Itty bitty tiny little flies

Saturday was my birthday, and for most of my adult life it has been tradition to take the day off for the Annual-Birthday-First-Bug-Collecting-Trip-of-the-Year™.  At Missouri’s middlin’ latitudes, late April is normally a tad early—at least for the groups that interest me, but it’s less about serious bug collecting and more about kicking off the season in a bit of a special way.  Normally if my birthday falls on a weekend, as it did this year, I’ll take off the adjacent weekday instead (it’s not special if you can’t take off any time from work).  However, this year that wasn’t possible due to events at work far beyond my little sphere of influence (conspiracy #1), thus Saturday itself became the planned day.  My family and I celebrated Friday evening so I could have the whole day on Saturday, and as we ate we watched news reports of suspected tornadoes ripping through St. Louis just to our north and a little further south (conspiracy #2).  Forecasts called for rain continuing well into the following week (conspiracy #3), and for the first time in… well… ever, I had the feeling the ABFBCTOTY might be cancelled due to weather.  Waking the next morning, I turned on the television to see precipitation forecasts across the state (1″ in northwest Missouri to 6″ in southeast Missouri) amidst stunning chopper video footage of neighborhoods destroyed and lives turned upside down.

I stopped counting conspiracies and hugged my girls!

That evening, I turned on the mercury vapor lamp over the garage door for the first time since last year to see if anything might show up.  We live in a heavily wooded area of western St. Louis Co. featuring relatively intact mesic upland forest dominated by several oaks, hickories, and sugar maples that harbor a nice diversity of woodboring beetles and treehoppers (though I didn’t expect to see these on this night).  The night was cool and clammy—nothing but a few moths and flies showing up.  Some of the flies were quite small, and some were extraordinarily small—not more than 1 or 2 mm in length.  Tiny little specks of life!  I thought it might be fun to get in some practice time with the 65mm lens, and the sampling shown below represents a few of those taken with the lens maxed out at 5X (resulting in a frame width of ~5mm):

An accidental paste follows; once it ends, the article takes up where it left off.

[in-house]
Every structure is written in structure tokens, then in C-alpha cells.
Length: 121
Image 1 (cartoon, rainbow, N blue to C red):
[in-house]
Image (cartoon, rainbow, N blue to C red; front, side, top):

Male non-biting midge (Chironomidae) | St. Louis Co., Missouri

Female non-biting midge (Chironomidae) | St. Louis Co., Missouri

Moth fly (Psychodidae) | St. Louis Co., Missouri

Same individual as above, chased onto a finished wooden table to highlight its dense pilosity

Copyright © Ted C. MacRae 2011

About Ted C. MacRae

Ted C. MacRae is a research entomologist by vocation and beetle taxonomist by avocation. Areas of expertise in the latter include worldwide jewel beetles (Buprestidae) and North American longhorned beetles (Cerambycidae). More recent work has focused on North American tiger beetles (Cicindelidae) and their distribution, ecology, and conservation.
This entry was posted in Chionomidae, Diptera, Psychodidae and tagged , , , , , , , . Bookmark the permalink.

17 Responses to Itty bitty tiny little flies

  1. Paul Kaufman says:

    Happy Birthday! I’m very glad that you didn’t get carried off to the land of Oz with the twisters! Neat pictures of the tiny flies, that 65mm lens is amazing.

  2. Dave Rentz says:

    Stunning shots, Ted. I’ve never seen better of psychodids.
    Thanks a lot and steer clear of those twisters.

    Dave Rentz

  3. Gunnar says:

    Pretty!
    The moth fly belongs to the genus Psychoda, subgenus Tinearia. As far as I can remember you have 3 species of it in North America, the most common being P. alternata.

  4. A belated happy birthday Ted! You have developed a nice tradition to recognize your natal day AND kick off the new bug season!

  5. Well, you know what they say, April Tornadoes bring Birthday Fly Photos! At least I think that’s how it goes…

    Anywho, great photos Ted! Being a Nikon shooter I’m very envious of that 65-MPE lens, especially when you show off with shots like these! Glad to see flies taking over the beetle blog again!

  6. James C. Trager says:

    Wow, Ted!
    Consider one of your birthday presents as seeing these images and realizing you keep getting better and better at using that lens.

    • Hmm… Actually I was kinda not real happy with these except for the last one, as they didn’t have the crispness I was hoping for. All I can say is using the MP-E at 5x hand-held outside at night is hard.

  7. Pingback: Bolas spiders: masters of deception | spiderbytes

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